Heads up, the first major meteor shower of the 2020s is about to take the stage.
The Quadrantid meteor shower is set to peak in the late hours of Friday, January 3, until dawn breaks on Saturday, January 4, according to the International Meteor Organization (IMO).
The Quadrantid meteor shower is short but sweet. At their peak, between 60 to 200 meteors can be seen each hour, if weather conditions are in your favor. The Quadrantids have the potential to be the strongest shower of the year, famed for their especially long and bright streaks. Despite this, viewing them can be a bit tricky. They typically have a short burst of activity, around 6 hours or so, and their visibility is often hampered by the gloomy January weather.
The Quadrantids are best viewed in the Northern Hemisphere, although the event can also be seen at some locations just south of the equator. The meteors will radiate from the northern sky, but don’t worry too much about that as they’re visible in all parts of the sky.
The source of the meteors is an asteroid or a possible "rock comet" called 2003 EH1 that’s zipping through our solar system at 41 kilometers (26 miles) per second. Meteors are bits of debris that have chipped off asteroids or comets. When they hit Earth’s upper atmosphere at speed, they burn up and release a bright streak that appears across the sky.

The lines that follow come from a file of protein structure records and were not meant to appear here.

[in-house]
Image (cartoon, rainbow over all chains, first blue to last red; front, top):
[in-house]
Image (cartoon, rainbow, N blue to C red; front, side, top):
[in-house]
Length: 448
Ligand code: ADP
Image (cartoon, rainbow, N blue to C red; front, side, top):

The name of the meteor shower comes from Quadrans Muralis, a former constellation created in 1795 by the French astronomer Jérôme Lalande. Unfortunately, it’s now considered an obsolete constellation as it wasn’t included in the International Astronomical Union’s list of 88 modern constellations.
As with any meteor shower, try to get as far as possible from the hum of street lamps and other sources of light pollution as this will help the meteors to appear brighter in the sky. Equally, if you head outside for at least 30 minutes beforehand, your eyes will acclimatize to the low light levels.
“Come prepared for winter weather with a sleeping bag, blanket or lawn chair. Lie flat on your back with your feet facing northeast and look up, taking in as much of the sky as possible,” NASA recommends.